Elderly in the Era of COVID-19: Social Protection and Role of Women

05 June 2020 | admin
CPPS' News, Information, Main Slide, Press Release

Yogyakarta Center for Population and Policy Studies (CPPS) UGM held a web seminar (webinar) “Those who are Forgotten: Elderly and COVID-19” on Friday, 5 June 2020 at 9 -11 a.m.

The elderly population in Indonesia in 2019 reached 9.60 percent or around 25.66 million people. This condition shows that Indonesia is transitioning to aging population because the percentage of population of people aged 60 years and over reaches more than 7 percent of the total population (Indonesian Central Bureau of Statistics, 2019).

It was also recorded in 2019 that the dependency ratio of the Indonesian elderly was 15.01 percent. It means that every 100 people of productive age population (aged 15-59 years) must bear 15 elderly. If this is balanced with the ability of elderly that are independent, have good quality, and not a burden on society, then the aging population will have a positive effect on national development.

In the era of COVID-19, the elderly population (aged 60 years and over) are more vulnerable to be transmitted by the virus. Johns Hopkins Medicine data shows that the mortality rate of the elderly due to COVID-19 is the highest in the world at 4.47 percent. 40 percent of the deaths due to COVID-19 in Indonesia happens in elderly.

Lecturer of Social Development and Welfare of Faculty of Social and Political Sciences UGM and researcher at CPPS UGM, Dr. Mulyadi Sumarto as a speaker in the seminar emphasized that an increase in social protection schemes for the Indonesian elderly is highly needed. He explained that only about 13.4 percent of the elderly received social protection. In detail, 11.13 percent are civil servant retirees, 1.5 percent are military retirees, 0.01 percent receiving benefits for old age, 0.13 percent receiving PKH, and 0.64 percent are from the ASLUT program (Indonesian Central Bureau of Statistics, 2019).

Meanwhile, according to the status of the elderly, Indonesian Central Bureau of Statistics 2019 data noted that 41 percent of the elderly lived with three generations, 27 percent with their families, 20 percent with spouses, another 3 percent, and 9 percent lived alone. “Most of the elderly live together with three generations (the elderly themselves, their children, and grandchildren). We can imagine how come they live together in one house. There are three generations. This is a problem we can see on how uncomfortable their life is (elderly),” he said.

Regarding social protection of the elderly during COVID-19, the government initiated some Social Security Network programs for COVID-19 handling, such as pre-employment cards (kartu prakerja), social assistance cash (bansos), direct cash assistance (BLT) for village funds, family expectation program (PKH), basic food programs, Jabodetabek basic food aid (presidential assistance), and electricity assistance. “There is a social security network created by the government in the COVID-19 era, but from those assistance, where are the social rights of the elderly? There is a tendency that our country ‘somewhat’ pays less attention to the interests of the elderly in the midst of COVID-19. There is one program (including the elderly), that is, the family expectation program. Yet there is no special program for the elderly in the era of COVID-19,” he concluded.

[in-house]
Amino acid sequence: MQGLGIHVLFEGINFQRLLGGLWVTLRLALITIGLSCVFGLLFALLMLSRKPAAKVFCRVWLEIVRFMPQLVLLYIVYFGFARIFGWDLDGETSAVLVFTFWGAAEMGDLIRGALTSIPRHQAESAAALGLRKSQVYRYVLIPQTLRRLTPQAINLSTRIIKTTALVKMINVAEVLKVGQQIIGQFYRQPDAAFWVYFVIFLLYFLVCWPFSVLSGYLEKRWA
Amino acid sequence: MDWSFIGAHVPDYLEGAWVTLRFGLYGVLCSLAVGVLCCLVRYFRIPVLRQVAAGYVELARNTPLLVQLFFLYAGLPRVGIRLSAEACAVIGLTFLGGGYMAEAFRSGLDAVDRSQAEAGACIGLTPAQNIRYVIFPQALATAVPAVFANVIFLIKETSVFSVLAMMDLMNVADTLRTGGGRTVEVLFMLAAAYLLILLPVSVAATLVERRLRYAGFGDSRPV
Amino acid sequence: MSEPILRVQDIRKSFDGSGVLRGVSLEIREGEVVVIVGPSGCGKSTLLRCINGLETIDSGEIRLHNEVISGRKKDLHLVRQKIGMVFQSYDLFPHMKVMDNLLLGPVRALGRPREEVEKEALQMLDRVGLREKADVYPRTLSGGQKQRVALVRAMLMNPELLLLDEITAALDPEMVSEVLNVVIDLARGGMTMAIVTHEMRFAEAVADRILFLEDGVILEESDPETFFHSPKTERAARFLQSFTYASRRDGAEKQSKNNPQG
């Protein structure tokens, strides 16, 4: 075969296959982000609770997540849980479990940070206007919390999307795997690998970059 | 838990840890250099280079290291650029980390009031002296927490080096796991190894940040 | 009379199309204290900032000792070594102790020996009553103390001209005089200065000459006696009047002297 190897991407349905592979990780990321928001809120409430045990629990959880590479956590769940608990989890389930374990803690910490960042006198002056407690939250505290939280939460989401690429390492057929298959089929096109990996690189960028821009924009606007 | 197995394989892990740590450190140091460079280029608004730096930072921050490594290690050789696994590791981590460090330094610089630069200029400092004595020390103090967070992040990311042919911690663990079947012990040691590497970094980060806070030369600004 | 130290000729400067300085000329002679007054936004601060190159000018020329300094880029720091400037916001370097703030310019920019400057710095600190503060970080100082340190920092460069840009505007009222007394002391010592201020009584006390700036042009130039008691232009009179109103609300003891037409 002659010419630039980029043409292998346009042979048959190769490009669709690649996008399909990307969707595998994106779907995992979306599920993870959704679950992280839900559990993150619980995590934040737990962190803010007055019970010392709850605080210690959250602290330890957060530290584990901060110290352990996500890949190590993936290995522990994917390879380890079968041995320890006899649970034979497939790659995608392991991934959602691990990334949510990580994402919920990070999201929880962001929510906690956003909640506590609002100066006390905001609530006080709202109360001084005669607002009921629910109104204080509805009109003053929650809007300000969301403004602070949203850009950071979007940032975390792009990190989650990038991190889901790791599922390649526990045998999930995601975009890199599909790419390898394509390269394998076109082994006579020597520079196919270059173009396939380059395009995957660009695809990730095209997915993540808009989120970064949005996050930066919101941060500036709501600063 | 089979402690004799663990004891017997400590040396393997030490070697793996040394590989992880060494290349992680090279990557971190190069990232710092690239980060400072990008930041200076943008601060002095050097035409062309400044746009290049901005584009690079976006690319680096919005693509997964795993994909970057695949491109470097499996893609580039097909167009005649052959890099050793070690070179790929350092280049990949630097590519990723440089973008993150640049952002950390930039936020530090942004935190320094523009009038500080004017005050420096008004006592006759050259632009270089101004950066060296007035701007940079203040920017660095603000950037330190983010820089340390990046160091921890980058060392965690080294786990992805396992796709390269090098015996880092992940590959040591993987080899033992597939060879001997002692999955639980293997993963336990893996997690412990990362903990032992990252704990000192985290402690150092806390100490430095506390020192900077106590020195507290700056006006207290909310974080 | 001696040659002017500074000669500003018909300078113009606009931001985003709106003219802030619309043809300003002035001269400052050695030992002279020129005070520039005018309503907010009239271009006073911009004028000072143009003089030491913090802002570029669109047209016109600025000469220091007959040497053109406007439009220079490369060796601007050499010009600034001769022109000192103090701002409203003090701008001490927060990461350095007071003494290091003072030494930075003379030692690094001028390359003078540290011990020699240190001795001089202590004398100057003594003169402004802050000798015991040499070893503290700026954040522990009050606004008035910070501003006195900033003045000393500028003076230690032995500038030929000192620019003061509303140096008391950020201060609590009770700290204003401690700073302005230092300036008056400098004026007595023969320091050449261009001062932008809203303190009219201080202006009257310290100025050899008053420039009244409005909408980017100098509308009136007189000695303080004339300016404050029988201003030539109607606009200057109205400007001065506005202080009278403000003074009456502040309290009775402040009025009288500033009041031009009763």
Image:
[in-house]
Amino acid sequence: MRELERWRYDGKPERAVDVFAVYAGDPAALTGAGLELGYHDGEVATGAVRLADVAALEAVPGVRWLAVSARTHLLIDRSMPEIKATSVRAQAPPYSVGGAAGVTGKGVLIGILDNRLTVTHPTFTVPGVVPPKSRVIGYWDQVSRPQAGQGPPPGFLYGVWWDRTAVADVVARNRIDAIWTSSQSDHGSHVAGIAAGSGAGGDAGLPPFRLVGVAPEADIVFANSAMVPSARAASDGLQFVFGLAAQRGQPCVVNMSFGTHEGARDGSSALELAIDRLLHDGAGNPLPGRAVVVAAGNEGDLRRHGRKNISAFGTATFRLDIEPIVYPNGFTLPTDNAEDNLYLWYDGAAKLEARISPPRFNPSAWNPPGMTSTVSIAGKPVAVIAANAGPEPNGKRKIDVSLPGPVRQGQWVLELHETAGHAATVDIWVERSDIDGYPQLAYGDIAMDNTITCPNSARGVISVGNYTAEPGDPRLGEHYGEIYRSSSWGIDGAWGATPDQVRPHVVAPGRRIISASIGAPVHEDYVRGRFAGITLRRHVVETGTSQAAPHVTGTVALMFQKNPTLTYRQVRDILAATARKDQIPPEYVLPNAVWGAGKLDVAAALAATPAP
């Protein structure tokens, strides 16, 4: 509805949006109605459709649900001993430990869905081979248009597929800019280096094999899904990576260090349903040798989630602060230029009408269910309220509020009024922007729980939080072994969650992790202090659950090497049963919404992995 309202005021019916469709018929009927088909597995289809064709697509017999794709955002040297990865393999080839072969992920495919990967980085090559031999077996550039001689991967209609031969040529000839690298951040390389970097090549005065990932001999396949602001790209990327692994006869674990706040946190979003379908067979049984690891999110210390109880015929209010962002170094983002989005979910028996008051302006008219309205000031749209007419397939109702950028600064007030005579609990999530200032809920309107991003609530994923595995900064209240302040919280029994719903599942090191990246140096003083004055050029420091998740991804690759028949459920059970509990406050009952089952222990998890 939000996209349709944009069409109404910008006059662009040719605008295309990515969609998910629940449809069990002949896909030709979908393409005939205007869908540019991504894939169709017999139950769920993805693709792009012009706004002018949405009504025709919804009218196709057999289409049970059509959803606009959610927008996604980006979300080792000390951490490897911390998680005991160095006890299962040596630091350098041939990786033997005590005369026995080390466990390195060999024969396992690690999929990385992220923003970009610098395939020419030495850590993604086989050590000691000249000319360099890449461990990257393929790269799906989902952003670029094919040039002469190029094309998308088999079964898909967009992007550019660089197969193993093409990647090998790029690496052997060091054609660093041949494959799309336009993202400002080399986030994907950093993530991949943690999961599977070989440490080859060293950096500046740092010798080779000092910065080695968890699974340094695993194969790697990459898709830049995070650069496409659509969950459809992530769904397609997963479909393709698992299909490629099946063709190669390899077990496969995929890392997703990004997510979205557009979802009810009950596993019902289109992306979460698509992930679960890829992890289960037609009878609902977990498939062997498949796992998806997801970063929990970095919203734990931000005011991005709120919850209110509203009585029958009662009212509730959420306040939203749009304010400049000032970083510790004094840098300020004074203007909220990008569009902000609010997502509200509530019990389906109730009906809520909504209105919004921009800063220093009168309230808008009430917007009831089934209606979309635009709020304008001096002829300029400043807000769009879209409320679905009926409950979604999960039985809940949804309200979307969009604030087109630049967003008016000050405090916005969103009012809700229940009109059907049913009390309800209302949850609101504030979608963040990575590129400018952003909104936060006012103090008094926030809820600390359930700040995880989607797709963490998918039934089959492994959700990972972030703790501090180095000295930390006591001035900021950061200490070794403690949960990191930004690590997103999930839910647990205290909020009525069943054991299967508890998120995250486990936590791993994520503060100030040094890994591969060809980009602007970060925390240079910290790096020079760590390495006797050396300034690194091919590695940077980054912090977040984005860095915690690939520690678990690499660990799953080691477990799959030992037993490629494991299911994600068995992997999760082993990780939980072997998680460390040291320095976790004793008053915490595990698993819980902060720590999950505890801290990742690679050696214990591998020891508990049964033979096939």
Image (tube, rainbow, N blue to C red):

The Role of Women in Elderly Care

Dr. Iwu Dwisetyani Utomo, a fellow at school of demography, Australian National University as another speaker in this webinar highlighted other matters relating to care for the elderly. Through a research conducted in 10 villages in Indonesia, she and her research team found that women have the greatest role in caring for the elderly. “Men also play a role in elderly care, but women have a greater one,” she said.

She then explained that there are three types of elderly care; traditional female care, traditional male care, and gender-neutral care. In traditional female care, she explained how women play a key role in doing household works and care for the elderly. Traditional male care is an elderly care done by men by providing financial and managerial assistance for the elderly, while gender neutral care is done in the form of general assistance, such as transportation facilities and assistance for elderly’s shopping.

Based on data from her research, she emphasized, “The point is that if the elderly is healthy, then more than 30 percent can do their own activities, but the first to help is a husband or wife, then a daughter. Girls have a big role to play, except in financial matters. When elderly becomes ill, then the husband or wife no longer gives care, but it should be taken over by the daughter,” she said.

This is a challenge, because as we all know, girls play the most key role in elderly care. This is a problem when girls want to work. It would be a better way if the government could increase the budget for the elderly,” she concluded.

Author: Nuraini Ika |  Language Editor: Rinta Alvionita  |  Photo: Alex (pixabay.com)